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Review of  Washback in Language Testing


Reviewer: Esmat Babaii
Book Title: Washback in Language Testing
Book Author: Liying Cheng Yoshinori Wantanabe Andy Curtis
Publisher: Lawrence Erlbaum Associates
Linguistic Field(s): Applied Linguistics
Book Announcement: 16.3304

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Date: Mon, 14 Nov 2005 09:52:46 -0800
From: Esmat Babaii <ebabaii@gmail.com>
Subject: Washback in Language Testing: Research Contexts and
Methods

EDITORS: Cheng, Liying; Watanabe, Yoshinori; Curtis, Andy
TITLE: Washback in Language Testing
SUBTITLE: Research Contexts and Methods
PUBLISHER: Lawrence Erlbaum Associates
YEAR: 2004

Esmat Babaii, Department of Foreign Languages, University for
Teacher Education, Tehran, Iran

A decade after the scholarly serious appraisal of the notion of
washback pioneered by Alderson and Wall (1993), it is timely to have
a new publication which looks carefully at washback from both
theoretical and empirical perspectives. Washback in Language
Testing is a well-balanced and informative collection of various articles
representing different methodological frameworks and offering
different positions and research findings about washback in language
testing.

The book consists of two parts. Part One, which consists of three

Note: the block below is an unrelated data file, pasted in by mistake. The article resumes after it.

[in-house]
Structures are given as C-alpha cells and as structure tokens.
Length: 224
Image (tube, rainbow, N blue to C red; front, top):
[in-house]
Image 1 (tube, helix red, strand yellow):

chapters, introduces the concept of and theoretical arguments about
washback in language testing and presents the most commonly
methodological frameworks used to investigate this complex
phenomenon. Part Two includes Chapters Four to Eleven. It reports
the results of several empirical studies on washback.

In the 'foreword' to this volume, Charles Alderson, while providing a
useful brief background and explaining how he became involved in
investigating washback, questions what he calls a "Messickian view"
(p. xi, see also Messick, 1996) of engineering positive washback by
test design. He then calls for a multi-dimensional treatment of
washback phenomenon which considers washback not as a direct
effect of test in itself, but as a result of the interaction of numerous
factors existing in the educational system.

In Chapter One: 'Washback or backwash: A review of the impact of
testing on teaching and learning', Cheng and Curtis offer a collection
of different outlooks on washback and suggest that instead of being
very much concerned about the positive and/or negative direction of
washback, it is more plausible to consider the complexity and intensity
of the phenomenon and explore the intricate causes of it in a given
educational community. The success or failure of assessment-driven
reform, they add, is not necessarily guaranteed beforehand. Rather, it
will mostly depend on the inner dynamic of the system of education.

In Chapter Two: 'Methodology in washback studies', Watanabe
proposes a qualitative approach to investigating washback due to its
complex rather than monolithic nature. He suggests a
conceptualization of washback that centers round these dimensions:
specificity, intensity, length, intentionality, and value, with a particular
emphasis on analyzing the aspects of learning and teaching that are
often influenced by the test, on one hand, and the factors that mediate
the process of washback, including test facets, personal factors, and